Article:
High Expectations? Yes, But…
By Russ Walsh | Russ On Reading | Russ Walsh is the author of A Parent’s Guide to Public Education in the 21st Century: Navigating Education Reform to Get the Best Education for My Child | ON SALE 20% off on Amazon ($15.95) and contributing author to United We Stand, available on Amazon ($14.95)
By Russ Walsh
About the time that the No Child Left Behind legislation went into effect in 2002, then President George W. Bush famously decried the “soft-bigotry of low expectations” that was holding too many students back. President Bush had a point, if teachers and educational leaders did not expect high achievement from their students then low achievement would be the inevitable result. Bush’s decree led to a spate of calls for teachers to have “high expectations” of their students. And as so often happens in education, this call was misunderstood and misapplied to the detriment of learners.
Telling new teachers, or veteran teachers for that matter, that they need to have high expectations for their learners is dangerously vague and unhelpful. The advice that teachers need is that we should set high, but achievable, goals for each of our students and that these high, but achievable, goals will be different for each of our students. As with all educational bromides, the real answers are much more subtle and more difficult to implement than just having “high expectations.”
In 1954 the British track star Roger Bannister ran the first ever 4 minute mile. There can be no question that Bannister had high expectations for himself to achieve this goal. He had to train hard, get excellent coaching, and then drive himself to the brink of collapse to achieve his goal. In the 63 years since Bannister broke the four minute mile the record time has been lowered to 3:43.13 by the Moroccan track star, Hicham El Guerrouj. That is, with all the advances in training and equipment, just short of 17 seconds has been shaved off this record. Now, I suppose runners who have followed Bannister over all those years could have set a goal of running the first 3 minute mile. That would certainly be a high expectation. But the quest would have certainly ended in frustration and failure, because human beings have so far proven incapable of running that fast. So instead, runners set themselves the high, but achievable, goal of shaving hundredths of seconds off the existing record.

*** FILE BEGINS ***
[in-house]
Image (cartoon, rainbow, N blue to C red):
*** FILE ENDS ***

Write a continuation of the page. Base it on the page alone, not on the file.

Back in my high school days, football players were expected to run a six minute mile. This was definitely a high expectation for me that demanded a full summer of training before ever walking onto the football field. Six minutes was a high, but (barely) achievable goal for me and most of my fellow football players, but a four minute mile would be out of the question and would have led to me giving up on football.
The point is that what constitutes high expectations depends on the individual and also on what can reasonably be achieved given our human limitations. I think it is ill advised to tell teachers to have high expectations of their students. If the teacher aims too high, students will become frustrated, lose confidence in themselves as learners and question the ability of their teacher to assist their learning.